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Padraig on way home after horror cycling crash left him fighting for life


Robin Schaler

Robin Schaler

Robin Schaler

An Irish teenager who was left with life-threatening injuries after a cycling accident in the US is "getting so much better" as he is preparing to finally return home.

Two years on from the horrific incident, Padraig Schaler is hoping to return to Ireland, with his father saying his condition is improving.

"He is getting so much better because of the support and therapy he has been given," Reinhard Schaler said.

"It has helped him to regain a lot of consciousness, not just through body movements. He can reach for his food, he understands what we are saying and he can also answer 'yes' or 'no' with his tongue," Mr Schaler added.

"He is completely dependent on us, he can't be on his own or do all the things he could do, certainly not after the accident, but now he is constantly improving because he is getting all the right help."

Dubliner Padraig was struck by a van while out cycling in the town of Brewster, Massachusetts in June 2013.

He was living in Cape Cod for the summer with friends on a J1 visa when the accident happened.

The 23-year-old lapsed into a coma due the severity of his injuries and was transferred to Beaumont Hospital where he spent three and a half months in a high-dependency ward.

His family then decided to move him to an intensive neuro-lab in Germany, as they feared the year-long waiting list for the National Rehabilitation Hospital (NHR) would result in lost time for Padraig.


Mr Schaler is also campaigning for better services for people suffering with severe brain injuries in Ireland.

"We felt when Padraig's accident happened, this was the first time that we really needed help from the State and it just wasn't there. It was really, really hard to take. Padraig emigrated basically. He had to leave, not because he couldn't get a job, but because of the health system," he said.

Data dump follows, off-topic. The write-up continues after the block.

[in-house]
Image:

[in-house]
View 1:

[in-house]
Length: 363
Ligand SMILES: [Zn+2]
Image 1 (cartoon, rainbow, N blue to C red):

Plans to bring Padraig home to Ireland will commence on June 2, when work will begin on a wheelchair-adapted extension to the family's Dublin home.

The ground floor of the house will also be fitted with a bedroom and a bathroom beside the kitchen, so Padraig can easily access them.

"We want to bring him back because we have been away for such a long time. We know he's getting better and he's more aware of everything around him, and we know it's important that he's close to the people he knows," his father said.

In January, Padraig moved into an apartment in which he has 24-hour care, with the hope that he can return home by September.

"We hope that in the summer months we'll finish the extension and bring Padraig home in the autumn if all goes to plan, hopefully in September.

"We are aware that there are a lot of variables that we can't control.

"He's stable physically, but there's still a possibility that something could happen for him that he'd require treatment," Mr Schaler added.